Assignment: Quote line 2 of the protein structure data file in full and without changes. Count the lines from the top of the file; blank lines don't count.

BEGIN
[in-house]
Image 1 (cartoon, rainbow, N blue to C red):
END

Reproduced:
Image 1 (cartoon, rainbow, N blue to C red):